The Prado Dam Basin is practically bone dry. The Santa Ana River is trickling at just half its normal flow. And coastal and mountain regions everywhere are experiencing rain and snowfall significantly below normal precipitation for January.
All of which has raised the specter among water experts in Orange County and throughout the state of a new drought that could be ushered in by an extremely dry 1994.
"We are concerned," said Jay Malinowski, a spokesman for the Metropolitan Water District, which imports water from Northern California and the Colorado River to supply about half the needs of Southern Californians. Should current trends continue, he said, water shortages can be expected this summer.
"If this weather holds up through the end of February," he said, "we will be very alarmed."
Maurice Roos, chief hydrologist for the California Department of Water Resources, is also keeping an eye on the weather. "I would characterize the situation by saying that we're slipping into what looks like a dry year," he said.
Their concern is prompted by the numbers, which show that statewide rainfall to date is only about 60% of what falls by this time in an average year, measured from July 1 through June 30. In addition, experts say, the amount of snow in the mountains--important because it melts in the spring to become part of the water supply--is only about 40% of average.
These figures are especially dramatic when compared to last year, when rainfall was 155% of average and snowfall about 170%. That was the year that marked the end of a major, six-year drought during which Californians saw such drastic conservation measures as water rationing, heavy fines for overuse and laws against watering lawns.
In Orange County the current dry season is evidenced in some very visible ways. Prado Dam Basin, which supplies about 75% of the county's water, is almost dry at a time when it should be looking like a lake. The flow of water in the Santa Ana River, which feeds into the area from neighboring Riverside County, is about 200 cubic feet per second--roughly half the normal flow.
"Our three big water months are December, January and February," said James A. Van Haun, executive assistant to the manager of the Orange County Water District, which provides water for much of Orange County. "We're at the middle of January now and we haven't received any appreciable precipitation since the beginning of December."
And communities all over the county are experiencing dry spells that practically make the sagebrush crackle.
Despite that fact, county residents still jittery from the recent Laguna fire should not conclude that the dry weather necessarily translates into increased fire hazards, county firefighters say. While lack of rain tends to dry out existing underbrush, making it more flammable, it also tends to inhibit the growth of new vegetation, which could fuel a fire.
"It's really a mixed bag," said Emma Day, a spokeswoman for the Orange County Fire Department. "It all goes back to the nature of where we live; basically it's a desert."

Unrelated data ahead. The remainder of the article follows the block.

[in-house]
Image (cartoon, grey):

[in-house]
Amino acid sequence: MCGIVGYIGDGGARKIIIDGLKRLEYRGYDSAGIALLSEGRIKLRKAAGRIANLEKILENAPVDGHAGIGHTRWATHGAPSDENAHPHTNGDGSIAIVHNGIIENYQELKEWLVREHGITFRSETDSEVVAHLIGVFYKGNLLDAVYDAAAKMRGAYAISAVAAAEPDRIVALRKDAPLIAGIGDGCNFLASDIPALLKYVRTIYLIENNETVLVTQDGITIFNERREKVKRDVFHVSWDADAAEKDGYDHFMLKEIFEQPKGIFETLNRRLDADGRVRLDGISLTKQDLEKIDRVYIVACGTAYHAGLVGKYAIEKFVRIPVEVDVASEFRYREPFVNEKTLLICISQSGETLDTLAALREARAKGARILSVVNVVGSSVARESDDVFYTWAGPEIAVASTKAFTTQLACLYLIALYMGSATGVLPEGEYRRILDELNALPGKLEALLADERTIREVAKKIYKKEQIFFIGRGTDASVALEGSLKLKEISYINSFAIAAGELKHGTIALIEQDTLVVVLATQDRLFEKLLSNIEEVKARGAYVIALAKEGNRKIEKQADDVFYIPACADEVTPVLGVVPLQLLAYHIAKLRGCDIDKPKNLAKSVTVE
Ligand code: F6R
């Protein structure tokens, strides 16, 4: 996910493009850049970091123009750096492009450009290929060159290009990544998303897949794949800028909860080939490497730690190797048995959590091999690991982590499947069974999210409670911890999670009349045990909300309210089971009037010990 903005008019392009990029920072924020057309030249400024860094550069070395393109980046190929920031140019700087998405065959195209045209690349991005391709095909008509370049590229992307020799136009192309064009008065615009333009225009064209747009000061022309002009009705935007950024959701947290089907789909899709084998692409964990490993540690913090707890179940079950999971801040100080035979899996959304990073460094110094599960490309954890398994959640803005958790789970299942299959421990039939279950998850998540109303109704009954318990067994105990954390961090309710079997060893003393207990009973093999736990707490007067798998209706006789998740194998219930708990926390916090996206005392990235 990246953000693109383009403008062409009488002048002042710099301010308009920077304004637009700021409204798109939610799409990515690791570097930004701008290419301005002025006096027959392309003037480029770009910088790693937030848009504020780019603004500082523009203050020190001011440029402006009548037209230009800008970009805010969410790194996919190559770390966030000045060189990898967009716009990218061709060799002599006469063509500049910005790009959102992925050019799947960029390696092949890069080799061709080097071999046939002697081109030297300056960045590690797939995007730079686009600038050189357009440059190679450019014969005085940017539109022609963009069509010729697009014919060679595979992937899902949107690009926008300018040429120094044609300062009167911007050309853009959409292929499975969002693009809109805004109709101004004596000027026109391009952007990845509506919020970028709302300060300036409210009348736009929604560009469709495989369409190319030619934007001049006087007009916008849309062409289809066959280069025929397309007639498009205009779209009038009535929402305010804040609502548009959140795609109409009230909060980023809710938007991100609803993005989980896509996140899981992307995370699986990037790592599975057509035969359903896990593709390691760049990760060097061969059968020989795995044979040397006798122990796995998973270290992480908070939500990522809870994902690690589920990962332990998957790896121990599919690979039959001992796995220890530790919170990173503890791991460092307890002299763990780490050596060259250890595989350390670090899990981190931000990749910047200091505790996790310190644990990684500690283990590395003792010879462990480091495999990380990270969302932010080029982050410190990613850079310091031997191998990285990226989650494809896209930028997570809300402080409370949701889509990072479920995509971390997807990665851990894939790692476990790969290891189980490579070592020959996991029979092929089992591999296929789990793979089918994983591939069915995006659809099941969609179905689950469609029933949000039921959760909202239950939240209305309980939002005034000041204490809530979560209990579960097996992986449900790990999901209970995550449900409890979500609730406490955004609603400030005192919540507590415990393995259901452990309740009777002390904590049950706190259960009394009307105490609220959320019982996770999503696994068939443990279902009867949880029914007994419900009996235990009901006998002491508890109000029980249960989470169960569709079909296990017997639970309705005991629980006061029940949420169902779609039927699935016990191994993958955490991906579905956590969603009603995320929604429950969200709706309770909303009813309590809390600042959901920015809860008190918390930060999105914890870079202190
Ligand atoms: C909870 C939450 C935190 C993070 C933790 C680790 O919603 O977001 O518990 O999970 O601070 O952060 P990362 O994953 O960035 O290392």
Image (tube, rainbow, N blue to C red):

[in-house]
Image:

To bolster her argument that fires--which are also affected by such things as wind conditions and temperature--do not necessarily thrive in dry weather, Day pointed to recent Orange County statistics. In 1990--a drought year--297 Orange County fires consumed about 15,500 acres, she said. The next year, one of the driest in memory, 316 fires consumed only about 220 acres. And in 1993, an extremely wet year, the Laguna fire alone--the most devastating in county history--destroyed 16,682 acres.
Still, water officials say, the dry weather and the demands it places on water supplies are not to be taken lightly, particularly with water storage levels not yet fully recovered from the ravages of the last drought.
In the Metropolitan Water District, Malinowski said, the projected supply of water for Southern California--assuming average rainfall--almost exactly equals the projected demand. So any shortage of rainfall, he said, will be water snatched from the tap.
"It's as if our checkbook zeros out at the end of each month," he said. "You wouldn't want to run a household that way and it's no way to manage water."
Water officials say they still have a long way to go before declaring 1994 a drought year, however. Generally speaking, hydrologist Roos said, conditions are considered droughtlike only when lack of precipitation makes a given year one of the driest 10% on record. In such cases--usually well after the rainy season has ended--the head of the California Department of Water Resources makes a recommendation to the governor, who then acts upon it.
Two weeks ago, according to Roos, the department issued a report positing a 25% to 30% chance that such a recommendation would be made this year. Another report is due out early next month, he said.
"We're definitely way behind average," Roos said, "but we're not yet down to critical."
Drier Season So Far
Rainfall this season is far below last year's total and also less than the yearly average. Totals, in inches, in four Orange County locations between Oct. 1 and Jan. 13:
Last storm 10/1/93 to 10/1/92 to Average, 10/1 (12/26) 1/15/94 1/13/93 and 1/13 Santa Ana 0.02 1.51 4.70 5.04 Santiago Peak 0.04 5.29 11.78 11.83 Villa Park dam 0.00 2.15 4.77 5.76 Costa Mesa 0.02 1.54 3.89 4.70
During just two of the last six years, rainfall has been higher than the county's annual average of 12.98 inches. Annual rainfall in inches, measured July 1-June 30 in Anaheim: (average 12.98) 1987-88: 9.98 1988-89: 8.00 1989-90: 8.34 1990-91: 11.48 1991-92: 16.97 1992-93: 27.76
\o7 Source: Orange County Environmental Management Agency\f7
Researched by DAVID HALDANE / Los Angeles Times